Omarosa alone can't solve this one.
Though Republican presidential nominee Donald Trump has sought to make inroads with African-American voters — tapping former Apprentice contestant Omarosa Manigault to lead his outreach effort — recent polls show the real estate tycoon could post the worst showing among black voters in modern history.
Recent polls from McClatchy-Marist, NBC News-Wall Street Journal and Fox News show Trump registering between just 1% and 2% of the black vote — findings that come on the heels of polls in Ohio and Pennsylvania showing him winning 0% of blacks in those swing states.
Such a showing would likely mark the worst performance by a GOP presidential nominee since pollsters started tracking demographic groups' votes. Sen. John McCain of Arizona currently holds the record low, having garnered just 4% of the black vote in 2008, when then-Sen. Barack Obama was elected the nation's first African-American president.
Trump may even be on track to win a smaller share of African-Americans than Sen. Barry Goldwater won in 1964, when the staunchly conservative Arizonan campaigned in opposition to the Civil Rights Act. Goldwater won 6% of nonwhite voters that year, according to Gallup.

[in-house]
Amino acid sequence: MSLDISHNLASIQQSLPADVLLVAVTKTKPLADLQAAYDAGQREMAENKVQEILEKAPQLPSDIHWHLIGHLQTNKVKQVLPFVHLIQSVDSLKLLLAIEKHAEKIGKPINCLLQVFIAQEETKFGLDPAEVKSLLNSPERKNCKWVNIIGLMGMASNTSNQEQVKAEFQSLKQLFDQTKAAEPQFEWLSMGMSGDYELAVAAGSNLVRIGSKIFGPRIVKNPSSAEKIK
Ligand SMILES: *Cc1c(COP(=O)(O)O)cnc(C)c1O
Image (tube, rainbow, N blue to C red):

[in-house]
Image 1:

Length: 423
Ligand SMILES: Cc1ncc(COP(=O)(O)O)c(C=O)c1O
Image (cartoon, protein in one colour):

Why it matters: Trump's dismal performance with blacks — many of whom remember well his history of fighting housing discrimination suits and asserting that President Obama was not born in the United States — could pose a major hurdle in key swing states with high concentrations of African-American voters.
Recent polling shows Clinton modestly ahead in Virginia and deadlocked with Trump in North Carolina, states where blacks comprise 20% and 22% of the population, respectively — compared with 13% of the population nationwide. A shock poll from the Atlanta Journal-Constitution on Friday also found Clinton leading Trump 44% to 40% in Georgia, which hasn't backed a Democratic nominee since 1992 but where a strong showing among blacks in the Atlanta metropolitan area could push Clinton over the top.
If Clinton is able to lock down Virginia and North Carolina — let alone Georgia — Trump's path to the presidency is all but foreclosed, even if white working class voters propel him to victory in states like Ohio and Pennsylvania.
Notably, Trump's basement-level support with blacks comes despite predictions that his populist message on trade and immigration would help him curry favor with African-Americans.
"The African-Americans want jobs," Trump said in May. "You look at what's going on, they want jobs. And we're going to bring back our jobs and save our jobs, and people are going to have great jobs again."
But while Trump pitches himself to black voters as a jobs president, they're far from keen on the idea of awarding him with a new one.